Why Your Term Life Insurance Policy Is Obsolete

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Things change. You refinanced your home, changed credit cards, moved, and bought and leased cars. Now, things are moving at a pace that is unreal.

When was the last time you took a look at your term life insurance policy? For most people, the answer is—“not since I bought it”—and for good reason: It’s likely an age-based policy, and so, it looks real good looking back to when you were 30, 40, or 50 years old—compared to today’s pricing. Oh, and then, there’s your health—and it’s highly unlikely you’re still in the “athlete” class you were back then.

Of course, the biggest danger of this policy is that it ends significantly earlier than most people die. This means you waste a lot of money for a product to cover your best and most important earning years.

It’s good planning to have several million dollars of term life insurance—you simply never know when your time is up.

But there’s a new twist on this that might be worth exploring. Term life insurance policies today have “riders” that spring to life and pay for care if you should become critically ill or need long-term care. Think of drawing on the death benefit, tax-free, BEFORE you die, if you need money for care.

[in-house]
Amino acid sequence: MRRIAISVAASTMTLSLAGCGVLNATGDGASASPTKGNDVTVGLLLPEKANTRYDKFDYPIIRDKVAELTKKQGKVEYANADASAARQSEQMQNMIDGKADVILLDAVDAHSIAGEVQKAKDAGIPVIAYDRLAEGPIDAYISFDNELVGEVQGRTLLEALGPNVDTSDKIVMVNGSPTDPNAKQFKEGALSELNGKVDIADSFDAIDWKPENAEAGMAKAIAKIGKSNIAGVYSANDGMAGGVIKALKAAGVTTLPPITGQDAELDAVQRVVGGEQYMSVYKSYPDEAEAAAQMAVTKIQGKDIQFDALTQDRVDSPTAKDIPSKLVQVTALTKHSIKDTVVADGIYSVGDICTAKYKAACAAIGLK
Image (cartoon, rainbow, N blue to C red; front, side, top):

This concept sprang from the AIDS pandemic in the mid-1980s, when people were selling their life insurance policies to third parties in order to have money to pay for treatment and drugs.

Now, term life insurance can “spring to life” and actually become a source of money beyond the death benefit.

Planning for expenses associated with healthcare is critical planning for everybody today, especially those who have longevity in their families and are concerned about preserving assets. You don’t need to look very far to see someone in your family spending and depleting assets for healthcare. It’s just a fact of life.

And now, it’s time to revisit that policy, update it, and consider how newer policies might help your family in times of great need.

What’s your plan?

Marty Levy, CLU/RHU, is a Calabasas resident and founder of Corporate Strategies, Inc./CorpStrat, located in Woodland Hills. A 30-year insurance-industry veteran and Lifetime Member of the Million Dollar Round Table, Marty is an expert in long-term care planning strategies. Phone: 818.468.0862 Marty@CorpStrat.com.